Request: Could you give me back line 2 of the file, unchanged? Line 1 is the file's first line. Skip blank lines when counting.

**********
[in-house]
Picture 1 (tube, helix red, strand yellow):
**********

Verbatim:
Picture 1 (tube, helix red, strand yellow):